The authors’ intention is to bring to the notice of specialists a decorated disc-butted axe recently discovered east of the Carpathians, in the Moldavian Plateau. This type of axe (A1, according to the established typologies), with few known items, is a typical discovery (mainly as a component of hoards or as an individual find) for the Middle Bronze Age from the area west of the Carpathians — the Wietenberg, Suciu de Sus and Otomani-Füzesabony cultures. The microscopic investigations on the decoration techniques prove the ability of the metallurgical craftsmen to handle complex alloys, as well as a refined artistic sense, qualities used to achieve a certain impressive appearance. The corroboration of all available data on this artefact offers new possibilities for revealing the social and symbolic function of the disc-butted axes of the Bronze Age.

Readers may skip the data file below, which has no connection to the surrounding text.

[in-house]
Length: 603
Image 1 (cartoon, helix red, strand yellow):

Middle Bronze Age
Preliminary notes concerning Middle Bronze Ages pottery analysis from Costişa-Cetățuia, Neamț County
The Costișa archaeological culture has been known for more than half a century and it has been categorized as belonging to the Middle Bronze Age in the Eastern Carpathian area. From the very beginning it was supposed to be the result of local connections with southern Monteoru-type elements and northern ones such as Komariw-Bialy-Potik. This assessment was made on the basis of a comparative analysis of the known archaeological investigation methods (stratigraphy and pottery typology). The present contribution employs another type of analysis of the pottery from the eponymous site. Thus, starting from the archaeological database consisting of seven pottery shards, the following scientific investigations were performed: SEM-EDS analysis, optical spectroscopy, and chemical modules analysis. The aim was to cover all the steps followed during modern pottery investigation, from the archaeological description of the artefacts and the initial macroscopic evaluation, to the integration by the archaeologist of the data obtained from the other types of analysis. The results of these analyses could provide multiple coherent answers regarding the history of a site, the ceramic technology, the relations between the local community and the Monteoru ones.